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After Darkby Haruki Murakami
More menace than melancholy, readers will find After Dark a deliciously dark entry in Murakami's oeuvre.
"After Dark is not Murakami's best work — there's an intrusive narrator spoon-feeding meaning you'd prefer to find on your own. But Murakami's humor and pop culture references remain, as do the underlying questions about the human condition....If only Nietzsche and Sartre had made questioning the meaninglessness of existence so fun." Anya Yurchyshyn, Esquire (read the entire Esquire review)
Synopses & ReviewsPlease note that used books may not include additional media (study guides, CDs, DVDs, solutions manuals, etc.) as described in the publisher comments.
A short, sleek novel of encounters set in the witching hours of Tokyo between midnight and dawn, and every bit as gripping as Haruki Murakami's masterworks The Wind-Up Bird Chronicle and Kafka on the Shore.
At its center are two sisters: Yuri, a fashion model sleeping her way into oblivion; and Mari, a young student soon led from solitary reading at an anonymous Denny's into lives radically alien to her own: those of a jazz trombonist who claims they've met before; a burly female love hotel manager and her maidstaff; and a Chinese prostitute savagely brutalized by a businessman. These night people are haunted by secrets and needs that draw them together more powerfully than the differing circumstances that might keep them apart, and it soon becomes clear that Yuri's slumber — mysteriously tied to the businessman plagued by the mark of his crime — will either restore or annihilate her.
After Dark moves from mesmerizing drama to metaphysical speculation, interweaving time and space as well as memory and perspective into a seamless exploration of human agency — the interplay between self-expression and understanding, between the power of observation and the scope of compassion and love. Murakami's trademark humor, psychological insight, and grasp of spirit and morality are here distilled with an extraordinary, harmonious mastery.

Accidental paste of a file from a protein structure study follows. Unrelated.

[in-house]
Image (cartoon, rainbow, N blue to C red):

"Murakami's 12th work of fiction is darkly entertaining and more novella than novel. Taking place over seven hours of a Tokyo night, it intercuts three loosely related stories, linked by Murakami's signature magical-realist absurd coincidences. When amateur trombonist and soon-to-be law student Tetsuya Takahashi walks into a late-night Denny's, he espies Mari Asai, 19, sitting by herself, and proceeds to talk himself back into her acquaintance. Tetsuya was once interested in plain Mari's gorgeous older sister, Eri, whom he courted, sort of, two summers previously. Murakami then cuts to Eri, asleep in what turns out to be some sort of menacing netherworld. Tetsuya leaves for overnight band practice, but soon a large, 30ish woman, Kaoru, comes into Denny's asking for Mari: Mari speaks Chinese, and Kaoru needs to speak to the Chinese prostitute who has just been badly beaten up in the nearby 'love hotel' Kaoru manages. Murakami's omniscient looks at the lives of the sleeping Eri and the prostitute's assailant, a salaryman named Shirakawa, are sheer padding, but the probing, wonderfully improvisational dialogues Mari has with Tetsuya, Kaoru and a hotel worker named Korogi sustain the book until the ambiguous, mostly upbeat dnouement." Publishers Weekly (Copyright Reed Business Information, Inc.)